Not all seabirds are what we imagine. When I hear “seabird” I think of a large pointy-winged hunter gliding over the ocean, waiting to dive for its prey just below the surface of the water. Or, I think of a huge colony of squabbling seagulls on the sand fighting over their food. In this photo however, are a trio of fairly timid and quiet seabirds that are often overlooked for a photo. I think that the red-brown feathers and bright orange legs are a perfect match for this crystal clear, aqua blue water.
Dance of the Pelicans – Scene 3
Dance of the Pelicans – Scene 2
Dance of the Pelicans – Scene 1
This was one of my most challenging and yet rewarding photography experiences. I was sitting on a wharf, while the sun was setting in the late afternoon, watching pelicans in small groups dive bomb over and over again for food. I had to photograph a moving target, in frame and in focus, and hopefully come away with some incredible poses of these pelicans in flight. This is my favorite photo, I hope you enjoy seeing these incredible birds as much as I enjoyed taking their pictures.
Friday – Fishes Blue
A gorgeous school of Blue Tang fish swimming through the corals around South Water Caye island in Belize. These fish swim across you in undulating waves, and it’s very soothing and relaxing to watch them. They mostly swim in a large school of fish, moving through the water as if they are a single large organism, all connected and communicating. They seem so peaceful, as if no predators exist in the world, and for those moments I wish that could be true for us all.
To my absolute delight, the moment I arrived on the small island of South Water Caye in Belize, I spotted an osprey nest. I had previously stalked out osprey nests (each with a baby inside) in Yellowstone National Park hoping to get a glimpse of a parent returning, but having no luck at all. This time, the ospreys and I were stranded on an island together and I was determined to get my photograph… and I got several! These large beautiful birds mate for life, and I got to watch a gorgeous couple of ospreys ‘baby making’ on several occasions. I don’t think it would be very pleasant at all having your male partner dive onto your back with huge sharp talons, I hope the feathers provide some cushioning. Ospreys live near water, either a river or the ocean where it can hunt for fish, so you may get to see some dive bombing. They inhabit all continents on earth except Antarctica, which means they are in Australia too!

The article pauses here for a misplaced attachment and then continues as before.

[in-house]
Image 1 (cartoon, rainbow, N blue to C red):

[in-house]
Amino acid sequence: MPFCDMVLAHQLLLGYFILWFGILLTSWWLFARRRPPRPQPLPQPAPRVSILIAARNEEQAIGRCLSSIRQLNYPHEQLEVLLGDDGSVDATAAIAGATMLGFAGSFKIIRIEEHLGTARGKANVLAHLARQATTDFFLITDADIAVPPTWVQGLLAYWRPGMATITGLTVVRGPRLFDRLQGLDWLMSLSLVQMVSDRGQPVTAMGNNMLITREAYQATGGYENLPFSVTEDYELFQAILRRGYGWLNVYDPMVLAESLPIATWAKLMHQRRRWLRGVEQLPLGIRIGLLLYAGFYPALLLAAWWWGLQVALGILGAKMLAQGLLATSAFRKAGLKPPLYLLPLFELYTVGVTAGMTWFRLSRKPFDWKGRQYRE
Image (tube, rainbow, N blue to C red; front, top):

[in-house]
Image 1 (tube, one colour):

Spotted Eagle Ray
This week I wanted to continue the theme of spotted sea creatures. This is a spotted eagle ray, also seen while snorkeling off the beach in Jamaica. They live in tropical waters and have one of the longest tails compared to other sting rays. Unlike most other fish they give birth to live baby sting rays. I must apologize for the bad photography, this ray did not make things easy for me at all. He instantly knew the second I had spotted him (pun intended) and took off so fast that I had to channel my inner Olympic swimmer to get any photo at all! These beautiful underwater creatures are named eagles for a reason, they truly do appear as though they are flying underwater with no resistance at all…. the absolute opposite of my clumsy thrashing and getting nowhere at all.
Jamaican shore crab